1 June 2022

Fair Work Commission finds ANU's dismissal of skinny-dipping professor was 'valid'

| Claire Fenwicke
Join the conversation
Australian National University

Dr Scott Morrison lost his position at the ANU due to an intimate incident with a student. Photo: Michelle Kroll.

The Fair Work Commission has upheld the Australian National University’s (ANU) appeal over the dismissal of a mathematics professor after he went skinny-dipping with a student before kissing her.

Lecturer Dr Scott Morrison was dismissed by the university effective 27 February 2020 after engaging in “consensual intimate contact of a sexual nature” with a student, which he also failed to disclose to the university.

His position was ordered to be reinstated earlier this year when the Fair Work Commission’s deputy president Lyndal Dean determined there was no valid reason for Dr Morrison’s dismissal, calling it “harsh and unfair”.

The ANU immediately appealed this decision, which has now been quashed.

The intimate incident occurred at the ANU’s Kioloa coastal campus in November 2017 when the student was 22 years old and Dr Morrison was in his mid-30s.

The pair had walked from the campus facility to a nearby beach to see bioluminescence in the water at about 9 pm. When they arrived at the beach, Dr Morrison stripped naked while the student stripped to her underwear.

They both entered the water and began kissing before they left the surf and lay down on a grassy area behind the beach where they continued kissing and touching each other. The episode lasted about 30 minutes.

READ ALSO Nature park users fight crematorium proposal next door

In giving down her decision in February 2022, Deputy President Dean said Dr Morrison’s dismissal was unfair as, at the time of the retreat, Dr Morrison “did not have a teaching, supervision or administrative role with respect to the Relevant Student, except in so far as he was one of the organisers of the retreat”.

She also stated she didn’t think Dr Morrison needed to report the incident because “on any reasonable view, it could not be characterised as a close personal relationship because the whole of the interaction lasted no more than 30 minutes”.

“While it is clear that Dr Morrison’s handling of the situation with the Relevant Student after the interaction was clumsy to say the least … there is no evidence that Dr Morrison exploited his position in any way,” Ms Dean’s findings said.

However, the ANU disagreed, its legal team arguing Dr Morrison remained the student’s lecturer at the time of the Kioloa retreat, which took place before the official conclusion of the semester and before she knew her final grades.

They said the university felt Deputy President Dean had placed “excessive” and “decisive weight” on the consensual nature of the incident and argued she instead should have given more concern to the “University’s obligation to discharge its duty of care towards students by ensuring that the relationship between academics and students is a professional one”.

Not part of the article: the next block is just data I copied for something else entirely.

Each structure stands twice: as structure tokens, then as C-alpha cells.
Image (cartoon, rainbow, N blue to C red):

The ANU’s legal team pointed out that intimate interactions between staff and students were “expressly prohibited” by its Conflict Policy, which required “disclosure of, rather than imposing a prohibition against, close personal or ‘intimate relationships’ between teachers and students”.

READ ALSO 2021 graduates finally get to show their wares in ANU exhibition

The Fair Work Commission’s appeal judges found Dr Morrison’s behaviour at the retreat was “incompatible” with his duty as an ANU professor.

“Dr Morrison’s duty at the retreat was to engage in the education of students and to organise the retreat,” they said in their findings.

“It was plainly incompatible with this duty to take a young female student down to the beach alone almost immediately after the end of a lecture, to strip naked in front of her and then to engage in sexual intimacy with her.”

They also found Dr Morrison used his position as a senior academic and organiser of the retreat to “place himself in a compromising position” with the student.

“[He] did not treat the student in her capacity as such at a University educational event, but rather interacted with her as if he was engaged in a purely private social activity,” they said.

“The effect and consequence of Dr Morrison’s conduct was to establish a non-professional, personal relationship with the student – a situation he was required to avoid and, once it occurred, to disclose to the university.

“We consider it should be obvious that a senior academic should not, in the course of conducting an education activity, engage in sexual intimacy with a student participating in that activity, even if the intimacy was consensual and initiated or invited by the student.”

In granting the ANU’s appeal, the judges directed both parties to attend a “conciliation meeting” in a bid to settle the matter.

“We observe that this case is a finely balanced one: on the one hand, there was in our view plainly a valid reason for Dr Morrison’s dismissal but, on the other, the dismissal may arguably have been harsh because it appears to have involved not only the loss of Dr Morrison’s employment but his entire academic career,” they said.

Join the conversation

All Comments
  • All Comments
  • Website Comments

Would have to wonder if his name had weight on the dismissal.

One would argue in the day and age of tiktok and snapchat if this was a relationship.

Daily Digest

Want the best Canberra news delivered daily? Every day we package the most popular Riotact stories and send them straight to your inbox. Sign-up now for trusted local news that will never be behind a paywall.

By submitting your email address you are agreeing to Region Group's terms and conditions and privacy policy.